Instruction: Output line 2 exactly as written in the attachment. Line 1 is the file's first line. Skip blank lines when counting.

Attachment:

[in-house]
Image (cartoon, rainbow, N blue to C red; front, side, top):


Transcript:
Image (cartoon, rainbow, N blue to C red; front, side, top):